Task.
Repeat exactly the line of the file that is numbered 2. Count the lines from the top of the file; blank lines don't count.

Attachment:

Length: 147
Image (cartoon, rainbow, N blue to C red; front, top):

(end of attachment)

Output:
Image (cartoon, rainbow, N blue to C red; front, top):